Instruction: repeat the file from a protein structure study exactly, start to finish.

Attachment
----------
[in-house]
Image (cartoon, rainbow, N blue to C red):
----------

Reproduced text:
[in-house]
Image (cartoon, rainbow, N blue to C red):